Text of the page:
“The sweet smell of the land blew out to us on a warm wind, a smell of sand verbena and grass and mangrove. It is so quickly forgotten, this land smell. We know it so well on shore that the nose forgets it, but after a few days at sea the odor memory pattern is lost so that the first land smell strikes a powerful emotional nostalgia, very sharp and strangely dear.”
– Steinbeck, Sea of Cortez: A Leisurely Journal of Travel and Research
I’ll admit right away to not having made it far into Steinbeck’s exploration of Baja. But what little I have has found him to be a kindred spirit and dear companion on my own month of seafaring. You may remember I’d complained earlier how the voyage seemed to have robbed me of the ability to smell anything but the most astringent scents. When I climbed to the bow after we took up station to wait for room at the pier, the air felt unseasonably warm and the sun unseasonably bright. And the gentle offshore breeze carried on it the distant and inexplicable but unmistakable scent of corn tortillas, fresh from some oven.
With that scent came a sort of awakening of a thousand others, and suddenly my head was clear in a way it hadn’t been in what seemed like forever, and the land called to me like a pretty girl smiling from across the courtyard. A courtyard that, for lack of inscrutable ceremony and paperwork, I could not cross.
Steinbeck had his own maddening delays coming ashore at San Lucas that morning: waiting for the local officials to get suitably cleaned up, shaven and dressed for the occasion of coming aboard and serving their customs papers. He takes it in with the droll eye that makes him such a pleasant travelmate:
It developed that the Governor of the southern district had very recently been to Cape San Lucas and just before that a yacht had put in. This simplified matters, for, having recently used them, the officials knew exactly where to find their uniforms, and, having found them, they did not, as sometimes happens, have to send them to be laundered before they could come aboard.
But in our case, relief was not to come so soon: the sticking matter was still room at the pier, of which there would still be none for a full day and a half. So we bided our time in close view of landfall, pining for the promise of the shore. At least I did. The wiser and more experienced on board went about their business as usual, wading through paperwork and securing equipment for offload, glancing out only occasionally, as if the coastline were a lovely but distant mirage. Eric, our wise and kind MPC (Marine Projects Coordinator – our den mother of sorts) recognized my symptoms. He gave me the good counsel to treat it as such, reminding me that this day was a gift: we were supposed to still be bouncing around in scud and open water; instead we had warm sun, a quiet harbor and internet. Shouldn’t that be enough?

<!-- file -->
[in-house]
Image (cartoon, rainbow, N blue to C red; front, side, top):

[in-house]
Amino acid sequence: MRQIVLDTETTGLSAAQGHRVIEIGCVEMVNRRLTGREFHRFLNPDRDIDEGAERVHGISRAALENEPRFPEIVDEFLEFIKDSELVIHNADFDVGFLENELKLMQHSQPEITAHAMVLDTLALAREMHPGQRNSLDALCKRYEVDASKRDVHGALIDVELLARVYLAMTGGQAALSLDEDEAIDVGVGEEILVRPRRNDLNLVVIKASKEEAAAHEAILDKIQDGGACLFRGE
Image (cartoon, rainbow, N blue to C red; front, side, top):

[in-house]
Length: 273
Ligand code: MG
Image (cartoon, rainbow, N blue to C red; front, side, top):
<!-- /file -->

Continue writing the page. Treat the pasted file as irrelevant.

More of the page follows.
Oh yes, did I mention internet? The USAP warehouse at Muell Prat has a directional wifi connection that can blast real live internet out to the ship from as far as seven miles away. And I’d be lying if I didn’t admit that, as soon as we got the fleet broadband switched over, I went below, brought up my browser and binge-read an entire month of webcomics. So yeah, I had no cause for complaint.
Dusk came around 11, and with it, reinforcement of the carnival atmosphere ashore. Fireworks were to be just off the promenade north of the pier, giving us a clear if not front-row view to the festivities. When they came at midnight to welcome in the new year, the show went on for what felt like half an hour of concerted pyrotechnic exertion; Latin countries, I understand, love their pyrotechnics. We gathered on the starboard rail and ooo’ed and ahhh’ed. All down the coast, too, you could trace the shore from the line of red signal flares sent up by mariners who, presumably like us, found themselves afloat for the changing of our calendar.
And when it was over the harbor was enshrouded in smoke and the smell of July 4th. The Southern Cross hung upside down high overhead. This may be the first time I’ve actually seen stars this far south, and my glimpses of the cross have always been more equatorial, with its pointy-end low to the horizon. To see it overhead, and “upside down” – as I guess it must always be this far south – seemed wrong. But the southern celestial pole was indeed up there somewhere in the unfamiliar sky.
On shore, the celebrations seemed to have burnt themselves out with the fireworks. Our little celebration on the starboard rail had likewise dissipated. Tomorrow would be another day of paperwork and securing equipment for offload. And, if I allowed myself to lean out on the bow, more gentle urgings from the tantalizing promise of shore.